Leading the charge for equality were survey respondents in the 18-35 year-old demographic. Some 70 percent of those surveyed said same-sex marriage should be legal. Older men and women (aged over 50) were far less favorable to gay marriage.
Gallup’s findings show those who identify as conservative and older Americans are still overwhelmingly opposed to marriage equality:
“The issue does, however, remain highly divisive. While big majorities of Democrats and young people support the idea of legalizing same-sex marriage, fewer than 4 in 10 Republicans and older Americans agree. Republicans in particular seem fixed in their opinions; there was no change at all in their support level this year, while independents’ and Democrats’ support jumped by double-digit margins.”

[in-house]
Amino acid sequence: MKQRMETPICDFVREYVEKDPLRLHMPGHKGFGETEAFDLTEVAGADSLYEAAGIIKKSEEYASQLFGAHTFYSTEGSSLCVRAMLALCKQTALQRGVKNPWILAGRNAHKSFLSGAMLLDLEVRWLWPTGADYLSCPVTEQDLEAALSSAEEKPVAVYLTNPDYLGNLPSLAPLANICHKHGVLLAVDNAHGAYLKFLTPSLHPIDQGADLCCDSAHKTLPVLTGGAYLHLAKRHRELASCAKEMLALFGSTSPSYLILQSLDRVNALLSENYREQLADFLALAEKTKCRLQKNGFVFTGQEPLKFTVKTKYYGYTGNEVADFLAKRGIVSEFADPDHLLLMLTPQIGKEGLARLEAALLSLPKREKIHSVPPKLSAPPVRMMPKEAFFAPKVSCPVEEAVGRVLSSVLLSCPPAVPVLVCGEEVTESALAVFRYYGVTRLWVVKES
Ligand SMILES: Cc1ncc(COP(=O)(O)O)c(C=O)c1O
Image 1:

In its findings, Gallup suggests 2010 and 2011 have been landmark years for support of LGBT equality, not just marriage:
“Within the past year, Congress passed and President Obama signed a law allowing gay and lesbian members of the military to openly reveal their sexual orientation, rather than keeping it hidden as part of the “Don’t Ask, Don’t Tell” policy. A majority of Americans have supported such a change in policy since 2005, rising to two-thirds support in 2009 and again last year. It is unclear whether the highly publicized official change in government policy on Don’t Ask, Don’t Tell may have been a factor in the rise in Americans’ support for legalizing same-sex marriage.”